My favorite spur (at least one of them) one more time…

On the outskirts of Marfa, Texas, there is a lonely little spur that services a very small operation that transloads molasses for cattle.  I had earlier done a series on molasses dealers along the rails in Texas and New Mexico. I wanted to come back to this one because, I guess, it is really special.  One, Marfa is a really interesting town.  It is a place where traditional ranching and Hispanic communities merge with arts and entertainment.   It has countless art-related entities including the famous Judd Foundation.  The foundation is closely associated with the minimalism school.

In the 1970s, minimalist artist Donald Judd moved to Marfa, Texas, where he created giant works of art that bask beneath vast desert skies. In the years since, Marfa has emerged as a hot spot for art tourism.

In the 1970s, minimalist artist Donald Judd moved to Marfa, Texas, where he created giant works of art that bask beneath vast desert skies. In the years since, Marfa has emerged as a hot spot for art tourism.

Two, it has a lot of interesting restaurants and businesses that one might not expect in a small, remote West Texas town.

Paisano Hotel, where the cast of Giant stayed during filming for the epic film in 1956.

Paisano Hotel, where the cast of Giant stayed during filming for the epic film in 1956. –photo by C. Hunt 

Presidio County Courthouse, Marfa, TX --photo by C. Hunt

Presidio County Courthouse, Marfa, TX –photo by C. Hunt

A warehouse in Marfa (featured in the novel, Marfa, France as the Galería Del Sol). ©photo by C. Hunt

A warehouse in Marfa (featured in the novel, Marfa, France, as Steve’s Galería Del Sol). ©photo by C. Hunt

All in all, it is kind of a quirky place.  (A site that inspired me to write a novel scheduled to be published in 2015.)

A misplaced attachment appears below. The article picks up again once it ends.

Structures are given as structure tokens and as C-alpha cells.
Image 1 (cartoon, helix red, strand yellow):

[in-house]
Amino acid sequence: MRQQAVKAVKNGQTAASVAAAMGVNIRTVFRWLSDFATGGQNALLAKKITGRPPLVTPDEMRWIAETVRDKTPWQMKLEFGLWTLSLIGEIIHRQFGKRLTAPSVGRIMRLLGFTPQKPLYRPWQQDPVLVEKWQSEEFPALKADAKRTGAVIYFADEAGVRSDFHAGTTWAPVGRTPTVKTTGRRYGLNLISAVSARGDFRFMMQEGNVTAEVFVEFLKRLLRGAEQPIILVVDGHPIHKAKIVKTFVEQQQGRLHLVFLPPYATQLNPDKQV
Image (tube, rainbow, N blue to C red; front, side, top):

Enough on that, now back to my favorite spur…Third, it has this desolate little spur that captures my imagination.  Somehow, single car deliveries persist despite the fact that it is the only Union Pacific shipper for miles around.  It has to be serviced by through freights.  There are no locals this far out.  I have been here on beautiful sunny summer days and cold winter, wind swept days.  It is always special–just me, a tank car or two, the smell of creosote and molasses, mountains in the backdrop and the solitude (and sometimes a tumbleweed or two bouncing around).

Molasses dealer as seen across town.  --photo by C. Hunt

Molasses dealer as seen across town. –photo by C. Hunt

Fowlkes Cattle Company. It is a small operation on the east side of town.  It is located adjacent to Union Pacific’s mainline to El Paso, Texas.  It normally receives a few shipments each year and normally just one car.  Occasionally, two cars will be spotted there.

Lonely tankcar awaits unloading after being dropped off by the Union Pacific November 10, 2007.  --photo by C. Hunt

Lonely tank car awaits unloading after being dropped off by the Union Pacific November 10, 2007. –photo by C. Hunt

Pump that gets the molasses moving.  --photo by C. Hunt

Pump that gets the molasses moving.  Note stock pens in background. 

It can get messy.

It can get messy.

Other side of pump.

Close up and other side of pump.

One of the more interesting tanks car spotted there, March 25, 2008.

One of the more interesting tanks car spotted there, March 25, 2008.

Sometimes, two tank cars will be spotted.

Sometimes, two tank cars will be spotted.  Note tumble weeds–this is real West Texas.

Fowlkes Cattle Company from the air. The green dot denotes the unloading facility. Note tank car to the left. It was likely waiting to be spotted or retrieved by the Union Pacific.  The little rectangles above the unloading facility are cattle pens.

Fowlkes Cattle Company from the air. The green dot denotes the unloading facility. Note tank car to the left. It was likely waiting to be spotted or retrieved by the Union Pacific. The little rectangles above the unloading facility are cattle pens.